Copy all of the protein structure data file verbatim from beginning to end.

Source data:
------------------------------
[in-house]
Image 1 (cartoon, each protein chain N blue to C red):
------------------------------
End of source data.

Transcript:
[in-house]
Image 1 (cartoon, each protein chain N blue to C red):